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Double crop wheat, beans could gross over $1,000 per acre next year

Dennis Pennington, Michigan State University Tractor and planter in field
Planting wheat in a research trial last fall.
Battle for 2022 acres starts now as high wheat, soybean futures prices paint a profitable picture.

With input costs biting away at margins, is it time to put some of your acreage to work making money with two crops in 2022. The profit potential is compelling:

  • 75 bu. per acre wheat yields X $7 (Jul22 forward contract is $7.42) = $525/acre revenue
  • 43 bu. per acre soybean yields X $12 (Nov22 forward contract is $12.46) = $516/acre revenue

Of course this equation assumes a lot of good things will happen, mainly, that weather or other issues don’t ding yields. But these yield estimates are fairly conservative, even for double crop soybeans.

And prices? Well, you could risk it and hope these prices will still be there next July and fall. Or you can use a simple risk management tool to lock in profit now.

Acreage battle

Let’s start with the need to protect those high prices for next year’s harvests of wheat and soybeans. Recent spikes in fertilizer prices added another $10 per acre in corn costs, bringing total price increases to 45% since spring, according to our recent analysis. That’s enough to knock 35 cents per bu. off operating margins for 2022 corn – resulting in more soybeans going in the ground next spring. That higher soy acreage, combined with Brazil adding 2 million more soy acres, could overwhelm the market by next fall.

“Anhydrous is a big issue, maybe as much next fall as this next spring,” says Matt Bennett, a central Illinois grain farmer and market analyst with AgMarket.Net. “That’s driven by a fear in the industry that there is going to be fertilizer shortages. Several countries are talking about energy shortages, and you don’t just pull anhydrous out of the ground; you have to use some energy to make it.

“So, if you’re looking at double the cost of nitrogen, it’s pretty tempting to plant more beans,” says Bennett. “Then you look at what wheat prices are doing now. Wheat followed by beans is quite the performer.”

To be sure, there are still costs associated with planting two crops for 2022 harvest. University of Illinois 2022 crop budgets for Southern Illinois pencil in $137 per acre fertilizer costs for wheat, and $29 per acre for soybean fertilizer. Seed costs will run nearly $50 per acre for each crop.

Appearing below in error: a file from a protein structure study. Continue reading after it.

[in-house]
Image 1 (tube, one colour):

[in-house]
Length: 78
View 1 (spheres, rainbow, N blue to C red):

Still, current futures prices should cause more drills to come out of the machine shed this fall.

“It’s crazy what some people can make, planting wheat followed by beans,” says Bennett. “You can lock in an incredible income.”

Lock in prices

One of the simplest things you can do now is write an HTA (hedge-to-arrive) contract for wheat for next July, and also for soybeans for next fall. You hedge that crop without any margin call.

“For a producer who doesn’t want a hedge account, you’ll probably pay 8 to 10 cents a bu. to the elevator to write an HTA on $7.45 wheat,” explains Bennett. “So what? How many times have you been able to lock in $7.35 per bu. wheat when you’re planting? It’s not that often.”

You can also consider an options strategy, says Bennett. “For soybeans you can buy a Nov22 $12 put, sell a $10 put and sell a $14 call, to help finance the purchase of the $12 put,” he says. “Essentially, we’re locking in $12 beans for around 10 cents per bu. cost. That gives some assurance that hey, if the market gets hot and runs up to $14 per bu., I’m still participating in that rally. Yet, you still have a strong floor underneath you.” has been recommending clients forward contract 50% of next year’s soybean production – an aggressive stance, to be sure. But to Bennett it’s a no-brainer.

“It is, after all, a futures market, and we have no idea what will happen in South America, but they’re adding 2 million acres of soybeans this year,” he says. “And with fertilizer prices the way they are it looks like there will be a lot of incentives to plant beans next year.

“In the end, $12.60 beans are pretty hard to pass up,” he says. “As a producer how can you go wrong? You have to work pretty hard not to make money at those prices.”

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